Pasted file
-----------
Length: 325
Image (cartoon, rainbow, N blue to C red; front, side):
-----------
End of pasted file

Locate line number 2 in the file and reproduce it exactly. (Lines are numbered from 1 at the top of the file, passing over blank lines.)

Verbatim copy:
Image (cartoon, rainbow, N blue to C red; front, side):